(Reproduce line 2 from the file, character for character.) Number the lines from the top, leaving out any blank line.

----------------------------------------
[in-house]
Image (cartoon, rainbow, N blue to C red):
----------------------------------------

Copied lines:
Image (cartoon, rainbow, N blue to C red):